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jc2048

Solar Garden Light

Posted by jc2048 Mar 31, 2017
A couple of days ago, I was in a store here in the UK (in the garden department looking at seeds and bulbs) when some 'solar lights' caught my eye. The very cheap ones didn't look up to much, but the £2 ones had a decent solar cell on them so I bought one. I was curious as to how something with a CE sticker saying it had a 1.2V battery inside was able to light a white LED that would need a forward voltage of around 3V to illuminate.   Here are some photographs as I disassembled it. ...
This one is similar to what I did with the gain, except that this time I kept the base current constant and measured the collector current in relation to the collector-emitter voltage. I reworked the original test circuit, which is how this blog follows the last one so quickly. As before, I'm looking at an NPN bipolar junction transistor (a 2N3904) and the situation where the emitter is the common terminal between input and output.   Here's the circuit (minus decoupling caps):    ...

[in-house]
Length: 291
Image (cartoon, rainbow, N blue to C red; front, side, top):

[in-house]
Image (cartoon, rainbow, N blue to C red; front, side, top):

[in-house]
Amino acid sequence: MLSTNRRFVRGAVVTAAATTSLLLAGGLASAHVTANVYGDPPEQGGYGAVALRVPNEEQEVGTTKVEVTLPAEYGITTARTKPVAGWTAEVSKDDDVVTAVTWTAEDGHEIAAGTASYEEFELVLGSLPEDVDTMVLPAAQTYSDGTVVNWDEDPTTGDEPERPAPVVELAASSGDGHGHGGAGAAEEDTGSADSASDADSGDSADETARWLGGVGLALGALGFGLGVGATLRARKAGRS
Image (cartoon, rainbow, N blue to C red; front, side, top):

Another 'Transistors' blog. I thought this one would be easy, but it turned out to be quite challenging and, in some ways, a bit of a failure.   The current gain of a bipolar junction transistor (when the emitter is the common terminal between input and output) is the ratio of collector current to base current. In some ways, it's the most fundamental parameter that the transistor has, because our simplest conceptual model of the device is something that takes an input current and p ...
Part 1 can be found here:   PID on a EK-TMC4C123GXL Evaluation Board. Part 1: Getting started.   At this point I had to decide what to try and control. I wanted something that would be slow enough that the processor could keep up, but fast enough that it would present at least some kind of a challenge. In the end I decided to do that most traditional of things, the one that everyone does with a new processor board, I'd light an LED. Here's the LED     it's a 1W warm whi ...
When jancumps introduced us to the PID library (link below) I said I'd have a go with it, since I had a TI evaluation board (an EK-TMC4C123GXL with a Tiva TM4C123G on it), wanted to learn a bit about ARM coding, and thought that running a control system with a processor in the loop sounded interesting and a bit of a challenge, but it's taken me a while to get started, what with the transistor blogging and everything.   MSP432 and TI-RTOS: PID Library Part 1 - Intro   First aim is ...